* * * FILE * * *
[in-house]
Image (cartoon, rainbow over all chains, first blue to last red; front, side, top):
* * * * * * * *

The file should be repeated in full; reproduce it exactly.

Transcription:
[in-house]
Image (cartoon, rainbow over all chains, first blue to last red; front, side, top):